Recognition for town’s role in saving railways

Bill Trinder opens Talyllyn Railway NNL-150324-164142001
Bill Trinder opens Talyllyn Railway NNL-150324-164142001

A small shop in Banbury High Street is to finally get the recognition it deserves as the birthplace of railway 
preservation.

That fairly big claim to fame about what has grown into a worldwide phenomenon can be traced back to local businessman Bill Trinder, who once ran his radio and gramophone record shop from 84 High Street .

And on Saturday, his daughter, Cynthia Turner, will help the Banbury Civic Society and Talyllyn Railway Preservation Society with the unveiling of a commemorative plaque to mark the spot where it all began.

The defining moment in the bid to save the narrow-gauge Talyllyn Railway was when Bill’s friend Tom Rolt walked into 84 High Street and showed him a copy of the bill to nationalise the UK’s railways in the winter of 1947/8.

The two men were gripped by the news and the fact that the Talyllyn Railway in Wales was to fall outside the net of state control.

Civic society chairman Rob Kinchin-Smith said: “During discussions in Bill’s flat above the shop, Trinder and Rolt resolved not only save the Talyllyn Railway, but to run it using volunteers.

“Following the inaugural meeting of the Talyllyn Railway Preservation Society in 1950, Bill Trinder was appointed its first chairman.

“Following the success of Talyllyn – the Talyllyn Railway turns 150 years old this year and remains a leading example of its kind – there are now countless heritage railways around the world, most of them wholly or substantially staffed and run by volunteers, following the model pioneered by Trinder and Rolt.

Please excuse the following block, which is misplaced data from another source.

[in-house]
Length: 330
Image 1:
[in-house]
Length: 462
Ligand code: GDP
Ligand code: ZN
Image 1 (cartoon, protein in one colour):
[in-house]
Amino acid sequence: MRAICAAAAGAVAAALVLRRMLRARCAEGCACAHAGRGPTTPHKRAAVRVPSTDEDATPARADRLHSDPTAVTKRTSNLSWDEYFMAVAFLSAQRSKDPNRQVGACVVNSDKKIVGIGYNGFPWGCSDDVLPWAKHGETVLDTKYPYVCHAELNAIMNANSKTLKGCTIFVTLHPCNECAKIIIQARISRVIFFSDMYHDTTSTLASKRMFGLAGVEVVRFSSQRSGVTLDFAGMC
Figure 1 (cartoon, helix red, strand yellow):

“Every one of them can trace its origin to Trinder and Rolt’s decision to save the Talyllyn, and thus to 84 High Street, Banbury.”

The civic society and the preservation society have jointly commissioned the plaque and with the full support of the building’s owner it will be situated just above the shop – now occupied by The Men’s Room hairdressers.

This weekend was chosen for the ceremony because the two pioneers made their first visit to the Talyllyn in the last weekend in March, 1948.

l Another early supporter of the railway was Rev W Awdry who introduced a rather similar line to his famous Thomas the Tank Engine series of books, featuring Skarloey, Rheneas and other little engines which all had twins on the Talyllyn.